A screen grab obtained by The Investigators in May and a capture of the same web page from earlier this year on archive.org both show the original line prohibiting reporters and their cameras: “business meetings and networking events are not open to members of the media.”
That media prohibition was quietly removed, and the new line was inserted at the same time ALEC complained to a political commentator that we had never contacted the organization before the event. It turns out we did reach out to ALEC media relations twice in the months leading up to the closed-door Savannah meeting, but we never received any response to our requests.
Keefe also addressed the charge that he had used a fake name, or tried to conceal his motives for seeking an interview, and corrected Meierling and Erickson's claim that it was a Georgia Democrat who criticized ALEC in 11Alive's report; it was, in fact, a Georgia Republican and former ALEC member who said the group was full of “angry white men...controlled by industry.”
While Meierling still won't talk with us, he did speak to conservative talk show host Erick Erickson, insisting that we would have been welcome inside the meeting had we simply pre-registered for ALEC credentials. Erickson and Meierling insisted we had booked the hotel “under an assumed name.” My whole family stayed at the hotel that week, and my wife and I booked the room under the name “Keefe” which I assumed 46 years ago at birth.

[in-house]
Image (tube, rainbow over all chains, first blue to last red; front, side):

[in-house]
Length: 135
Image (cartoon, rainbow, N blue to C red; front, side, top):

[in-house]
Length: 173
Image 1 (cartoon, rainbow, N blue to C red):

The radio interview also attributed a quote that ALEC was a group of “angry white men” to the wrong Georgia senator. Meierling and Erickson told listeners the quote came from Senator Nan Orrock, a democrat who was a member of a “left wing competitor of ALEC.”
But Senator Orrock didn't say that. Republican senator and former ALEC member Renee Unterman told us ALEC was a group of “angry white men...controlled by industry.”
Despite Meierling and Erickson claims that media have an easy time gaining access to ALEC meetings, attempts by journalists to investigate what really goes on inside ALEC meetings between legislators and lobbyists are often shut down by the group. And while Meierling tried to downplay the monetary influence these lobbyists have on legislators, saying “there's absolutely nothing nefarious about discussing limited government,” lawmakers pay a very small proportion of ALEC's membership fees, while corporations pay up to $10,000 a year for access to legislators -- payments that add up to 98 percent of ALEC's revenues.
11Alive's investigation isn't the first to prove Erickson's claim that ALEC isn't "wining and dining" legislators wrong. In fact, ALEC's generosity towards lawmakers goes far beyond dinner, and includes “scholarship” programs that often involve paying legislators' way on trips to meet lobbyists at resorts and other vacation destinations, like the hotel in Savannah where Keefe tried to find out more about the group's activities. The same legislators who go on these junkets have supported such ALEC-promoted laws as "Stand Your Ground," which has been used to defend the reckless use of firearms; dangerous climate initiatives that promote corporate profits over public interests; and legislation to block increases in the minimum wage.